Nepal polls may be deferred: EC

The polls in June may be delayed as the parties have been indifferent to the preparations needed for the process.
HT Image
HT Image
Updated on Mar 10, 2007 12:48 PM IST
Copy Link
PTI | By, Kathmandu

Nepal's election body chief has said the planned Constituent Assembly polls in June may be delayed as the parties have been "indifferent" to the preparations needed for the process.

"I have told the leaders that the Election Commission (EC) will not be able to hold elections on time if the parties fail to decide on the election system and provide us with the legal environment immediately," Chief Election Commissioner (CEC) Bhoj Raj Pokhrel Pokhrel said in Kathmandu on Friday.

The CEC said the commission had informed top leaders of all parties that the time limit for preparation for the election is fast getting over, but the leaders have not taken it "seriously."

Pokhrel said that the government should sort out the discrepancies fast and decide on issues related to security, voters list and date of the polls.

Speaking at a public function here, he made it clear the commission would not be able to hold the polls on time if the political parties "remained indifferent" to the urgency required to carry out the process.

Nepal's Parliament on Friday amended the country's interim constitution to increase political representation for protesting Madhesi communities of Terai region.

The amendment will ensure increase in the allocation of seats in Constituent Assembly elections.

The bill has also proposed a Constituency Delimitation Commission to revise existing electoral constituencies.

The Commission is to be headed by a retired Supreme Court justice which will recommend the number of constituencies to be added in the Terai region based on population.

Regarding allegation of EC being "helpless", he said that it was the circumstances which made the EC wait patiently for the parties to react to its demands.

Close Story

Less time to read?

Try Quickreads

  • People rally in support of abortion rights Saturday, July 2, 2022, in Kansas City, Mo. (AP Photo/Charlie Riedel)

    Texas clinics halt abortions after state high court ruling

    The Friday night ruling stopped a three-day-old order by a Houston judge who said clinics could resume abortions up to six weeks into pregnancy. The following day, the American Civil Liberties Union said it doubted that any abortions were now being provided in a state of nearly 30 million people.

  • Other places from which Google will not store location data include fertility centers, addiction treatment facilities, and weight loss clinics.

    Google to delete user location history on US abortion clinic visits

    "If our systems identify that someone has visited one of these places, we will delete these entries from Location History soon after they visit," Jen Fitzpatrick, a senior vice president at Google, wrote in a blog post. "This change will take effect in the coming weeks."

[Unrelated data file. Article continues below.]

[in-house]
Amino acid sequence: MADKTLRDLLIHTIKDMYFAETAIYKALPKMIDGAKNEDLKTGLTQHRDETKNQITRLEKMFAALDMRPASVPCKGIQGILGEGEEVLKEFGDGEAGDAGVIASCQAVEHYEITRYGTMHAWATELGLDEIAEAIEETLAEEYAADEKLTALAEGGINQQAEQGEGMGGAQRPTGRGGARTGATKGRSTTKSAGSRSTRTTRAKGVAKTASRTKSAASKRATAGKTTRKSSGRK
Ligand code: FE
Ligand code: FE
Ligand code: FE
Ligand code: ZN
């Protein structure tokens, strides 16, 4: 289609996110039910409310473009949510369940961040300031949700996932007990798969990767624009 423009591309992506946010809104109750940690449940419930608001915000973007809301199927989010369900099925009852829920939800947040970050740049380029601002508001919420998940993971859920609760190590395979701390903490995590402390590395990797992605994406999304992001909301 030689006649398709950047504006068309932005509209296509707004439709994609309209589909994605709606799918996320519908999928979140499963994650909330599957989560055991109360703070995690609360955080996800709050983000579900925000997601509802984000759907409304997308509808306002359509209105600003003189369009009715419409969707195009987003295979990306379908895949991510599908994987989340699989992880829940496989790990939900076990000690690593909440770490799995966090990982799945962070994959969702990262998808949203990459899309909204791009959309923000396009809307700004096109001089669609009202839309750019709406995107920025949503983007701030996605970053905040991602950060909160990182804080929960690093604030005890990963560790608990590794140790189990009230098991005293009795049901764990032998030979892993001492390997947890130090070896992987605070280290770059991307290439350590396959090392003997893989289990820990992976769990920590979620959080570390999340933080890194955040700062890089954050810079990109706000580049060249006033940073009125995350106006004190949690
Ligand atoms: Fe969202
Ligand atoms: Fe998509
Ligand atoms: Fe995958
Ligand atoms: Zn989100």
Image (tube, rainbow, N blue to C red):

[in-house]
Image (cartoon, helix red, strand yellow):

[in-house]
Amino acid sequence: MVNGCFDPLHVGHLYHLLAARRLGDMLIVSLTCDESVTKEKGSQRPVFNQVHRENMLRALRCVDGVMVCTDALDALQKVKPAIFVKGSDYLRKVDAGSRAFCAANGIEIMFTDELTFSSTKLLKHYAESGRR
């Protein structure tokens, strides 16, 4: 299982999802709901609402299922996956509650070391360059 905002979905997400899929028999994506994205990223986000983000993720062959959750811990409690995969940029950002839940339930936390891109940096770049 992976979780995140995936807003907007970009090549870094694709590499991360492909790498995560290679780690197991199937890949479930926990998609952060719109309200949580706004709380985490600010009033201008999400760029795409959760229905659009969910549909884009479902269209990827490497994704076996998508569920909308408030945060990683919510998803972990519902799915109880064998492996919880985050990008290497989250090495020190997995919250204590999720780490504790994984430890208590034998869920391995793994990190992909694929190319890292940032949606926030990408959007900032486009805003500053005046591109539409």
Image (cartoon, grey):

• Professor Ajay Agrawal, who was honoured with the Order of Canada in the 2022 list. (Credit: University of Toronto)

    Two Indo-Canadian academics honoured with Order of Canada

    Two Indo-Canadian academics, working on research to advance the betterment of mankind, have been honoured with one of the country's most prestigious awards, the Order of Canada. Their names were in the list published by the office of the governor-general of Canada Mary Simon. Both have been invested (as the bestowal of the awards is described) into the Order as a Member. They are professors Ajay Agrawal and Parminder Raina.

  • SpaceX founder and chief engineer Elon Musk.

    Elon Musk's Twitter hiatus, in 2nd week now,  generates curiosity 

    The world's richest person, Elon Musk, has not tweeted in about 10 days and it can't go unnoticed. The 51-year-old business tycoon has 100 million followers on the microblogging site, which he is planning to buy. Since April, he has been making headlines for the $44 billion deal and his comments and concerns about the presence of a large number of fake accounts on Twitter.

  • A Taliban fighter stands guard at a news conference about a new command of hijab by Taliban leader Mullah Haibatullah Akhundzada, in Kabul, Afghanistan.

    Taliban's reclusive supreme leader attends gathering in Kabul: Report

    The Taliban's reclusive supreme leader Haibatullah Akhundzada joined a large gathering of nationwide religious leaders in Kabul on Friday, the state news agency said, adding he would give a speech. The Taliban's state-run Bakhtar News Agency confirmed the reclusive leader, who is based in the southern city of Kandahar, was attending the meeting of more than 3,000 male participants from around the country, aimed at discussing issues of national unity.

Story Saved
Saved Articles
My Reads
Sign out
New Delhi 0C
Sunday, July 03, 2022